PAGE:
Daytona 500 After falling back several laps due to overheating, Richard Petty pulled forward Benny Parsons in his draft to catch Pearson. With three to go Pearson moved into a group of lapped cars that included Cale Yarborough; inexplicably Yarborough got into Pearson and David spun down the backstretch. The win was Parsons' first since 1973.
Richmond 500 With a field of only 22 entries due to a dearth of team sponsorships, Petty led 444 laps and won by six laps. Cale Yarborough was among the teams not entered, due to losing Carling sponsorship after the 1974 season.
Carolina 500 In below-freezing temperatures, Cale Yarborough edged Pearson for the win while Petty finished nine laps down due to the same overheating problems that had plagued him at Daytona.
Atlanta 500 Petty and Pearson engaged in a running duel for the lead, but Pearson lost a lap in the final 100 miles. A late caution set up a one-lap duel between Petty and Buddy Baker; Petty contended the race ran past 328 laps but NASCAR showed scoring cards proving it had run the correct distance; among those who scored the race was Richard's daughter Sharon, who said Petty "went by 328 times."
Rebel 500Darlington Raceway once again proved tougher than Richard Petty as the #43 Dodge crashed out after 159 laps. Benny Parsons and David Pearson got into the late duel for the lead; when Pearson dove under Parsons entering Turn One on lap 350 both cars hammered the wall and ground to a halt. Bobby Allison, who'd been two laps down earlier, unlapped himself and edged Darrell Waltrip and Donnie Allison nose to tail at the stripe.
Winston 500 Tragedy blackened Buddy Baker's first win since 1973 and the first win for team owner Bud Moore since 1966. Richard Petty's wheel well caught fire while leading and he pitted; his brother in law Randy Owens fitted a hose to a pressurized water tank; the tank exploded, nearly landing on Petty's roof, and Owens was killed. Baker edged Pearson at the stripe while Dick Brooks and Darrell Waltrip had sparkling efforts in finishing out the top four. The race lead changed 51 times among 13 drivers.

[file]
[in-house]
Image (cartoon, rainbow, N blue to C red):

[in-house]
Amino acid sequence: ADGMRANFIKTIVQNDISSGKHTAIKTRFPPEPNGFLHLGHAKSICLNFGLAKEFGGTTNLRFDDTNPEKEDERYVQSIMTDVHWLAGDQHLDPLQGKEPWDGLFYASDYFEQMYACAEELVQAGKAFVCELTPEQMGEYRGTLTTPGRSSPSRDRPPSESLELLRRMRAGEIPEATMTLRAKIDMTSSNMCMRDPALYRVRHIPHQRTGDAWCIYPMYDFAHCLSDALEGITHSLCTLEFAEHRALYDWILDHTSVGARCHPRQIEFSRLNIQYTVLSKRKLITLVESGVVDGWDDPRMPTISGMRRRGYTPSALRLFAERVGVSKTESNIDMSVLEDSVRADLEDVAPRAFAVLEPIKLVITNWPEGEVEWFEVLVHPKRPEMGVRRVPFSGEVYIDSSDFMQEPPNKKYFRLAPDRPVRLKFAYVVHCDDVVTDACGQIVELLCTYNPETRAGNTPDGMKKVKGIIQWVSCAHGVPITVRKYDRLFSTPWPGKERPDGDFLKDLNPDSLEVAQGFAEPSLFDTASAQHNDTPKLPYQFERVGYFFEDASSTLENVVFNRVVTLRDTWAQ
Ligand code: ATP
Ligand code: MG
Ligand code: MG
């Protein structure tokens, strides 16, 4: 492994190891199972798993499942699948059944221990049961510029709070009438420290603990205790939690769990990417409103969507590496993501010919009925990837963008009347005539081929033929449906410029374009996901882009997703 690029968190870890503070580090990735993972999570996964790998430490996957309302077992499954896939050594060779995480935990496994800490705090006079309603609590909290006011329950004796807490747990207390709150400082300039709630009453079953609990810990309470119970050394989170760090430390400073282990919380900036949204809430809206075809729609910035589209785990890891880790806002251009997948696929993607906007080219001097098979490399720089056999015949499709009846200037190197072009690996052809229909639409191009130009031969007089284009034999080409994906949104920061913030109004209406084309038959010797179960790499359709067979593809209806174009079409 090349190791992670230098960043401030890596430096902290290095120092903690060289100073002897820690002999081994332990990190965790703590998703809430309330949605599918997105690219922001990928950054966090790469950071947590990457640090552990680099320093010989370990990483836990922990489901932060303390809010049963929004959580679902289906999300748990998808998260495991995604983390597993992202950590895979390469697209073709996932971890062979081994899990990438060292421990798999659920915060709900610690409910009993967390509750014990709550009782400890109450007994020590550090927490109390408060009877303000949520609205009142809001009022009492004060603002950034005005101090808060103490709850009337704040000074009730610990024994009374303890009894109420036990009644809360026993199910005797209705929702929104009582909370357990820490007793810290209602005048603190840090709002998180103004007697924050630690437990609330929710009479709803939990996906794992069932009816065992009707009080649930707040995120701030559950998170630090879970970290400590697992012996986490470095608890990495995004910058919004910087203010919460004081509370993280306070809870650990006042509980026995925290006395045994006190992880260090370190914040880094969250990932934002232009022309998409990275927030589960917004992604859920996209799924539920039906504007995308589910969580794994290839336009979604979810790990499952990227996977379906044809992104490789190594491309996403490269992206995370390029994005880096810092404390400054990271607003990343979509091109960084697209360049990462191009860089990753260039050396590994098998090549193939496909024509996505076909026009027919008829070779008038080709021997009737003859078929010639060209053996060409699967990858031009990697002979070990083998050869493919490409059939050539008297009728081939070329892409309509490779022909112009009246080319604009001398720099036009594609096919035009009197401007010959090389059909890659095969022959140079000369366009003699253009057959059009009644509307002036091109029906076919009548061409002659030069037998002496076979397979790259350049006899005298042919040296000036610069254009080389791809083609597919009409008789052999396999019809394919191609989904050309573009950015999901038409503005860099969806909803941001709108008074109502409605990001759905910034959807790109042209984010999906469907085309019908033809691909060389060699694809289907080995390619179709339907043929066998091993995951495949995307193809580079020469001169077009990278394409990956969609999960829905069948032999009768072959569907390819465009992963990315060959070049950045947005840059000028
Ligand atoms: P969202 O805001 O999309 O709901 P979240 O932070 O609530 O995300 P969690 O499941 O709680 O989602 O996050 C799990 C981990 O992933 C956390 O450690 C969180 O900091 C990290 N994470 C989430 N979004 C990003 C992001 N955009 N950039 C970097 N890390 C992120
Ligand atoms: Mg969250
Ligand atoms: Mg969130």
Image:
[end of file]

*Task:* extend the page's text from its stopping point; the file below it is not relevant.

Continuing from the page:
Music City 420 The race was dominated by third-year driver Darrell Waltrip, his first Winston Cup Grand National win.
Michigan 400 In a highly competitive race that saw 44 lead changes, Pearson edged Petty for his second win of the season while Dave Marcis and Cale Yarborough finished third and fourth; the top four combined to lead 180 of 200 laps. Petty increased his point lead to 441 over Marcis.
Purolator 500 Controversy marred the finish. The lead changed 43 times despite a ninety-minute delay for rain near halfway. Pearson took the lead with 14 to go, but in the final seven laps the Wood Brothers Mercury smoked heavily, to where by Lap 198 it was lapping its own smoke. At that point NASCAR black-flagged Pearson, but the rules allowed a three lap period to obey the flag and there were only two laps to go. It was the third win of the season for Pearson.
Talladega 500 Multiple tragedies surrounded the seventh running of NASCAR's late-summer 500-miler at Talladega. Gene Lovell, crew chief for Grant Adcox, died of a heart attack; Adcox withdrew and first alternate Tiny Lund got his starting spot. Mark Donohue drove a Porsche IMSA racer to a new closed-course speed record of 221 MPH (breaking A.J. Foyt's 217 MPH record in his Indycar the year before) before pole qualifying; Donohue was killed ten days later during the Austrian Grand Prix. The 500 itself was scheduled for August 10 but was rained out until the 17th. Early in the race a six-car melee erupted and Lund was smashed through the driver side by another car; he succumbed to massive internal injuries. Dick Brooks then survived a furious tumble down the backstretch in the middle of the race. Buddy Baker held off Richard Petty at the stripe after 60 lead changes among 17 drivers.
Champion Spark Plug 400 A six-car crash pierced the backstretch guardrail and stopped the race for half an hour. A late caution set off a five-lap shootout as Petty and Pearson fought for the lead; the lead changed on every lap before Petty drafted past Pearson for the win.Cale Yarborough survived a spin after colliding with Dave Marcis and finished third; the two exchanged words after the race.
Southern 500Bobby Allison, despite breaking a suspension piece in the final 50 laps, completed a season sweep at Darlington as he outlasted Richard Petty, who competed despite illness and heat, needing relief help from Dave Marcis.
Delaware 500 Petty put the entire field two laps down, but with 150 to go a backmarker's blown engine sent debris under the STP Dodge and snapped a tie rod. Petty's crew needed eight laps to fix the problem and he restarted six laps behind Lennie Pond and Cale Yarborough. Pond fell out and Cale fell back; Petty kept lapping the field until he got back onto the lead lap; Buddy Arrington then came to a stop, necessitating a late yellow. Petty won handily and Dick Brooks finished second, upset because Arrington had purchased a transporter from Petty; said Brooks, "I guess Arrington needed that truck paid for."
Los Angeles Times 500Buddy Baker initially was not entered in NASCAR's season finale but Bud Moore had secured sponsorship from Norris Industries so Baker flew out to LA and led 148 laps, winning by 30 seconds over Pearson. Richard Petty led but fell out for the second straight year with engine failure; it was also his fourth DNF in his last seven races.